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As Day 2 of the Democratic National Convention kicked off, we got to see why the Democratic Party is celebrating their status as the party of inclusion.  While we got a taste of the Democratic Party’s diversity with speeches by keynote speaker Julian Castro, Massachusetts Governor Deval Patrick and Newark (NJ) mayor Cory Booker; the night was still mixed with party bigwigs.

But tonight, the night was dedicated to the women of the Democratic Party as they were highlighted throughout the night with notable speeches by Sandra Fluke and Elizabeth Warren.

Fluke as of now, most remembered as the subject to a misogynistic and vitriolic rant by right-wing commentator Rush Limbaugh; took the floor to much fanfare.  If last night was any indication though, Mr. Limbaugh might have made a grave mistake as he put a face to a controversial measure.  Fluke might not be the greatest speaker that the Democratic Party has to offer, but she came across as highly intelligent and passionate about women’s right issues.

Fluke, who has now graduated from Georgetown Law School, voiced why she supports President Barack Obama as opposed to Mitt Romney, in light of the controversy she found herself in the middle in.

Your new president could be a man who stands by when a public figure tries to silence a private citizen with hateful slurs,” Fluke said. “Who won’t stand up to the slurs, or to any of the extreme, bigoted voices in his own party.”

Romney was widely criticized earlier this year when he responded weakly to Limbaugh. “I’ll just say this,” he told reporters. “It’s not the language I would have used.”

Fluke contrasted Romney’s reaction to that of President Obama, who embraced and defended her after the incident.

“Our president, when he hears a young woman has been verbally attacked, thinks of his daughters — not his delegates or donors — and stands with all women,” she said. “And strangers come together, reach out and lift her up. And then, instead of trying to silence her, you invite me here — and give me a microphone — to amplify our voice. That’s the difference.

The crowd went wild when Fluke also warned that under a President Mitt Romney, the future “looks like an offensive, obsolete relic of our past.”  The crowd, diversified not only by ethnicity but also by gender, might have been witnessing the continued rise of a future star within the party.

Fluke, only 31 years of age, downplayed her story saying that it was only noteworthy because it took place in front of Congress and highlighted the fact that she believes other women are “shut out and silenced” nearly every day.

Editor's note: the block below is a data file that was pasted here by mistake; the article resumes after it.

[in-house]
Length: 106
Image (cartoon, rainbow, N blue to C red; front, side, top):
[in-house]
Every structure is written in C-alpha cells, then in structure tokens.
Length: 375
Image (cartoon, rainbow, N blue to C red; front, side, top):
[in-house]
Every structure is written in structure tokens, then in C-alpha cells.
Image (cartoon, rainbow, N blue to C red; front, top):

While the crowd loved Planned Parenthood President Cecile Richards, daughter of former Texas Governor Ann Richards, it took a while to the party to really start going after the huge Day One.  Fluke though, started bringing the crowd to their feet throughout her speech and the crowd only got louder when a progressive rock star took the stage.

Elizabeth Warren, running for Senate in Massachusetts against vulnerable incumbent Republican Scott Brown, took the stage and struggled early to keep the wild crowd controlled as she announced “I’m Elizabeth Warren….and this is my first Democratic Convention”.

In a way that might not be popular with partisans on both sides of the aisle, Elizabeth Warren is to the Democrats as Paul Ryan is to the Republicans.  Both do have personal charisma and unique charm, but the big thrill both sides get is the fact that they are policy wonks.  Warren has earned a reputation as a “middle class warrior” and she kept the focus on policies and plans throughout the duration of her speech.

Her speech might have only been a tick over 15 minutes, in which the crowd intermittently chanted “Warren! Warren!”, began by marveling over the next speaker; former President Bill Clinton by praising his marriage to Hillary Clinton in which she called one of the “coolest women on this planet” which received even more wild applause and then a shout out to her native Massachusetts delegation.

Warren then discussed the plight of the middle class in this day and age, in which she described her personal story on the “ragged edges of the middle class” and how hard her parents worked to provide for their family.  Then she highlighted her career in education and how grateful she is “down to her toes” that America gave her all the opportunities in the world.